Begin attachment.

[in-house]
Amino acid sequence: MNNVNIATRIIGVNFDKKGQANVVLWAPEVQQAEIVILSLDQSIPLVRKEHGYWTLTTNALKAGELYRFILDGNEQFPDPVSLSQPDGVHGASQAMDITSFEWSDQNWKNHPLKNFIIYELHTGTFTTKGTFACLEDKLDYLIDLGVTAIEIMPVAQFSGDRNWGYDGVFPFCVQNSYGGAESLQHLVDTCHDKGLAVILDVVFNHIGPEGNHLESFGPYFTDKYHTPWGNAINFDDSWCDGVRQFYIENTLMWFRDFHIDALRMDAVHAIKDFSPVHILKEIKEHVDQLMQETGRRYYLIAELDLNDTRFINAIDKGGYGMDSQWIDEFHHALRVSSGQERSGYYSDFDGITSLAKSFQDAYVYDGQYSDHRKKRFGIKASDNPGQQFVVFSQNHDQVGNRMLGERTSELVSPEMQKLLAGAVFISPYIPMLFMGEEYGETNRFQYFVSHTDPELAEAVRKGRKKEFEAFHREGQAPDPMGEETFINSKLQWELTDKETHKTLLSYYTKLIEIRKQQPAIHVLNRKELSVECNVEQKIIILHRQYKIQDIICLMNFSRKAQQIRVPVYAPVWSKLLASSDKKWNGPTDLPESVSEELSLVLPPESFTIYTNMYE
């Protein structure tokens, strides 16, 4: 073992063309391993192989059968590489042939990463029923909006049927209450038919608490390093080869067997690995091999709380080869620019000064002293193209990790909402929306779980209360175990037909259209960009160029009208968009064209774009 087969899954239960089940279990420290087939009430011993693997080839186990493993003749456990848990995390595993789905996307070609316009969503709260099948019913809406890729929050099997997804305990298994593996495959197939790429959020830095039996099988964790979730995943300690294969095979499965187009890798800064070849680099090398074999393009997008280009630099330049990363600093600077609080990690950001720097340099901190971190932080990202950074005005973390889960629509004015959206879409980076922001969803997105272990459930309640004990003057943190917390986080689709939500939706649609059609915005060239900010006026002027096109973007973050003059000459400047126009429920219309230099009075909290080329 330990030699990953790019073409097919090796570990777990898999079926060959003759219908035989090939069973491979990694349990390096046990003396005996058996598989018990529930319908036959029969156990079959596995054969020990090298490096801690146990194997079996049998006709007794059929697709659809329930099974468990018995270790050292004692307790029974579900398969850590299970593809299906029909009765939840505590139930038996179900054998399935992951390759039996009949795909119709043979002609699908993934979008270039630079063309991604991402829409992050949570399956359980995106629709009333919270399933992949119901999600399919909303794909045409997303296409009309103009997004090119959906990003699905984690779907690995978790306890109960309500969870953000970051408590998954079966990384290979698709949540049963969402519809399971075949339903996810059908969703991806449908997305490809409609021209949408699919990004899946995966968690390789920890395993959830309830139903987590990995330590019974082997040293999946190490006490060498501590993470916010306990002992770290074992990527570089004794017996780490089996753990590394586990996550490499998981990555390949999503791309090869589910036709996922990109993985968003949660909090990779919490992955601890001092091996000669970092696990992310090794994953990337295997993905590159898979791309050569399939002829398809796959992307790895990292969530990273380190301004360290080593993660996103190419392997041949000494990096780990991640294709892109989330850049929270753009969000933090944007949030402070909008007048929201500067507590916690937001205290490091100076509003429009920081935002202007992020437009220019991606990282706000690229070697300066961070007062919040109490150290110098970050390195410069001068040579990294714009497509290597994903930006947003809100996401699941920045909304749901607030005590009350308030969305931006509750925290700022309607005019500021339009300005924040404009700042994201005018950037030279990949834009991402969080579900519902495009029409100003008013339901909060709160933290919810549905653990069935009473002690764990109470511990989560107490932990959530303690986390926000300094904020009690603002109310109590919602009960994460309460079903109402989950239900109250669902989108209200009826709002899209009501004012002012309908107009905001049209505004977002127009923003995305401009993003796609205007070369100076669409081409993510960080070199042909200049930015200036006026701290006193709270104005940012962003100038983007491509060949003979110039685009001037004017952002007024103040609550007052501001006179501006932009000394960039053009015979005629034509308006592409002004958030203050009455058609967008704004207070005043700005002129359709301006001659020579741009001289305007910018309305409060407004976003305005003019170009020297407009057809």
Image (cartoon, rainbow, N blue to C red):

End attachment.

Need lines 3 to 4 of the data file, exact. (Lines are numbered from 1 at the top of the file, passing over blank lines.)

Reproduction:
């Protein structure tokens, strides 16, 4: 073992063309391993192989059968590489042939990463029923909006049927209450038919608490390093080869067997690995091999709380080869620019000064002293193209990790909402929306779980209360175990037909259209960009160029009208968009064209774009 087969899954239960089940279990420290087939009430011993693997080839186990493993003749456990848990995390595993789905996307070609316009969503709260099948019913809406890729929050099997997804305990298994593996495959197939790429959020830095039996099988964790979730995943300690294969095979499965187009890798800064070849680099090398074999393009997008280009630099330049990363600093600077609080990690950001720097340099901190971190932080990202950074005005973390889960629509004015959206879409980076922001969803997105272990459930309640004990003057943190917390986080689709939500939706649609059609915005060239900010006026002027096109973007973050003059000459400047126009429920219309230099009075909290080329 330990030699990953790019073409097919090796570990777990898999079926060959003759219908035989090939069973491979990694349990390096046990003396005996058996598989018990529930319908036959029969156990079959596995054969020990090298490096801690146990194997079996049998006709007794059929697709659809329930099974468990018995270790050292004692307790029974579900398969850590299970593809299906029909009765939840505590139930038996179900054998399935992951390759039996009949795909119709043979002609699908993934979008270039630079063309991604991402829409992050949570399956359980995106629709009333919270399933992949119901999600399919909303794909045409997303296409009309103009997004090119959906990003699905984690779907690995978790306890109960309500969870953000970051408590998954079966990384290979698709949540049963969402519809399971075949339903996810059908969703991806449908997305490809409609021209949408699919990004899946995966968690390789920890395993959830309830139903987590990995330590019974082997040293999946190490006490060498501590993470916010306990002992770290074992990527570089004794017996780490089996753990590394586990996550490499998981990555390949999503791309090869589910036709996922990109993985968003949660909090990779919490992955601890001092091996000669970092696990992310090794994953990337295997993905590159898979791309050569399939002829398809796959992307790895990292969530990273380190301004360290080593993660996103190419392997041949000494990096780990991640294709892109989330850049929270753009969000933090944007949030402070909008007048929201500067507590916690937001205290490091100076509003429009920081935002202007992020437009220019991606990282706000690229070697300066961070007062919040109490150290110098970050390195410069001068040579990294714009497509290597994903930006947003809100996401699941920045909304749901607030005590009350308030969305931006509750925290700022309607005019500021339009300005924040404009700042994201005018950037030279990949834009991402969080579900519902495009029409100003008013339901909060709160933290919810549905653990069935009473002690764990109470511990989560107490932990959530303690986390926000300094904020009690603002109310109590919602009960994460309460079903109402989950239900109250669902989108209200009826709002899209009501004012002012309908107009905001049209505004977002127009923003995305401009993003796609205007070369100076669409081409993510960080070199042909200049930015200036006026701290006193709270104005940012962003100038983007491509060949003979110039685009001037004017952002007024103040609550007052501001006179501006932009000394960039053009015979005629034509308006592409002004958030203050009455058609967008704004207070005043700005002129359709301006001659020579741009001289305007910018309305409060407004976003305005003019170009020297407009057809």
Image (cartoon, rainbow, N blue to C red):